3. Transfer to a large bowl. Using a hand mixer, beat the mixture to release any more heat. Gradually add the eggs, one at a time. Beat well between each addition until all the eggs have been added and the mixture is thick and glossy. Beat for a few more minutes, or until thickened.

4. Spoon the mixture, in batches, into a piping bag fitted with a 1.25-1.5cm nozzle. Cover remaining pastry with cling film. Pipe mixture onto trays about 3cm x 2cm high leaving room for spreading. Bake for 25-30 minutes, in batches, or until firm and hollow when tapped. Transfer puffs to wire racks.

5. Put custard into a piping bag with a nozzle less than 1cm. Poke a small hole in the base of each puff and fill with custard.

6. For the caramel, combine water and sugar in a saucepan until it boils add glucose, and cook until caramel in colour. Remove from the heat and dip the base of the pan in a bowl of water to cool slightly. Grease a cake ring and place ring mould on a baking paper lined tray, pour enough caramel to coat the base 5mm. This is the base for the croquembouche.

7. Dip the puff bases in enough toffee to coat and place upside down on a tray lined with baking paper.

8. To assemble, oil the croquembouche cone. Dip the sides of the puff balls in the toffee one at a time and place around the base of the cone. Continue adding balls until the cone is covered.

9. Transfer the base for the croquembouche to a serving plate. Place a small amount of caramel on the base. Grasp croquembouche gently and lift from the cone and place on the caramel base.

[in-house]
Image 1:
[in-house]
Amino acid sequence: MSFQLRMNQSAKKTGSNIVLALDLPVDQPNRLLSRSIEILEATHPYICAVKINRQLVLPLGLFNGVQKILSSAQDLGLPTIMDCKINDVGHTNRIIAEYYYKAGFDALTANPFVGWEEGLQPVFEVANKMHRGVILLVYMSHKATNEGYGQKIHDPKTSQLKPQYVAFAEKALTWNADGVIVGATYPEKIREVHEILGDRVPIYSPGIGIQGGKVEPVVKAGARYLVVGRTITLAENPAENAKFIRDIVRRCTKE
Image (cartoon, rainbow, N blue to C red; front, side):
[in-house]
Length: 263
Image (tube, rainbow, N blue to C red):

10. Re-heat the remaining toffee then dip two forks back to back in it. Spin toffee around the Croquembouche. Decorate with violets.

Andy Bloot's picture

Bloots own special recipe that I don't share with many people

I jar of Sacla classic pesto
I large tin of Woolworths select tuna in brine
1 pack of pasta of your choice

Cook pasta and mix in pesto and tuna
Add some parmesan if you want to get all continental

SpokeyDokey's picture

Sure am much obliged

hathill's picture

Black Pudding
Old Elizabethan Recipe

Black Pudding

To make fine Black Puddings
Take the Blood of a Hog, and strain it, and let it stand to settle, putting in a little Salt while it is warm, then pour off the water on the top of the Blood, and put so much Oatmeal as you think fit, let it stand all night, then put in eight Eggs beaten very well, as much Cream as you think fit, one Nutmeg or more grated, some Pennyroyal and other Herbs shred small, good store of Beef Sewet shred very small, and a little more Salt, mix these very well together, and then have your Guts very well scoured, and scraped with the back of a Knife, fill them but not too full, then when you have tyed them fast, wash them in fair water, and let your water boil when they go in; then boil them half an hour, then stir them with the handle of a Ladle and take them up and lay them upon clean straw, and prick them with a Needle, and when they are a little cool put them into the boiling water again, and boil them till they are enough

The Brown Hornet's picture

Very Blackadder of you G.

Here's a basic but absolutely frickin' delicious dish that cops a hammering at work for brekky on the first day shift with the bacon and eggs. Also very handy to keep the winter colds at bay.


Grab as many button mushrooms as you like and slice.
Grab a bulb of garlic and roughly dice as much as you want (the more the merrier).
Add mushrooms and garlic to a hot barbecue plate with lots of butter for some sautee action (add the little accent-thingy above the first "e" before you do this or it doesn't work).
Cook until mushies are browned, all the while enjoying the aroma.
Watch the poor work-bound saps on the street below sniffing the air attemtpting to locate the source of the divine smell.
Serve up and enjoy.